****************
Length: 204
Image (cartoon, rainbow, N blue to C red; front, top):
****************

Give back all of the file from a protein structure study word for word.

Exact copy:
Length: 204
Image (cartoon, rainbow, N blue to C red; front, top):